Jim McMillian

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Jim McMillian
Jim McMillian Bologna.jpg
Personal information
Born March 11, 1948
Raeford, North Carolina
Died May 16, 2016 (2016-05-17) (aged 68)
Winston-Salem, North Carolina
Nationality American
Listed height 6 ft 5 in (1.96 m)
Listed weight 215 lb (98 kg)
Career information
High school Thomas Jefferson
(Brooklyn, New York)
College Columbia (1967–1970)
NBA draft 1970 / Round: 1 / Pick: 13th overall
Selected by the Los Angeles Lakers
Playing career 1970–1981
Position Small forward
Number 5
Career history
19701973 Los Angeles Lakers
19731976 Buffalo Braves
19761978 New York Knicks
1978–1979 Portland Trail Blazers
1979–1981 Sinudyne Bologna
Career highlights and awards
Career NBA statistics
Points 8,736 (13.8 ppg)
Rebounds 3,319 (5.3 rpg)
Assists 1,557 (2.5 apg)
Stats at Basketball-Reference.com

James M. McMillian (March 11, 1948 – May 16, 2016) was an American professional basketball player born in Raeford, North Carolina. After starring at Thomas Jefferson High School in Brooklyn, McMillian played college basketball at Columbia University. He led Columbia to a three-year mark of 63–14, and their last NCAA Tournament appearance in 1968, his sophomore year.[1] The tourney ended with a third-place finish for Columbia in the East regional, and Columbia ended that 1967–68 season the sixth-ranked college team in the nation.

"Jimmy Mac" not only was a three-time All-American and All-Ivy Leaguer, he was All-East each year, the ECAC Sophomore of the Year, and became the first person ever to earn the Haggerty Award in each of his three varsity seasons.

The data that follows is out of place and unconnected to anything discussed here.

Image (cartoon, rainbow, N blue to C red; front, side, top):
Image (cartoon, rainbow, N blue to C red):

He scored 1,758 career points then a record, now second and averaged 22.9 points per game second-best then and now. McMillian is also second in career rebounds (743) and holds the season records for field goals in a season (253) and career (677). But despite their outstanding winning percentages, his Columbia teams managed only one Ivy League title in a period when they battled tough Princeton teams with Geoff Petrie and John Hummer and Penn teams with Dave Wohl and Corky Calhoun.

A 6 ft 5 in (1.96 m) tall forward, he was drafted in the first round 13th overall pick by the Los Angeles Lakers of the NBA and was also a first round pick of the New York Nets of the ABA. He chose the Lakers and spent three years there, scoring 3,714 points, an average of 15.3 per game. In 1972, he helped lead the Lakers to an NBA Championship, averaging 19.1 points per game in the playoffs. He was a key factor in the Lakers' record-setting 33-game winning streak that season. McMillian, who was in his second season that year, replaced Elgin Baylor at forward and the team immediately launched their streak. After the retirement of Wilt Chamberlain, the Lakers needed a center and traded McMillian to the Buffalo Braves for Elmore Smith. He later played for the New York Knicks and Portland Trail Blazers.[2]

At the end of his career he moved to Italy and played for Sinudyne Bologna for two seasons.[3]

McMillian died from complications of heart failure on May 16, 2016.[4]


  1. ^ "Jim McMillian, Key Player for Lakers Title Team, Dies at 68". The New York Times. May 17, 2016. Retrieved July 17, 2016.
  2. ^ Wallace, Phil (February 8, 2001). "McMillian Starred for Lion Teams, And in NBA". Columbia Daily Spectator. Retrieved July 17, 2016.
  3. ^ "BATS web - Il Basket del Bats: formazioni del campionato italiano (1976-1980)". Il Basket del Bats. Retrieved July 17, 2016.
  4. ^ "Jim McMillian, 9-year NBA veteran with 4 teams, dies at 68". ESPN. May 17, 2016. Retrieved July 17, 2016.

External links

  • Player Profile @ basketball-reference.com
  • The book "Buffalo, Home of the Braves", complete narrative and photo history of the Buffalo Braves
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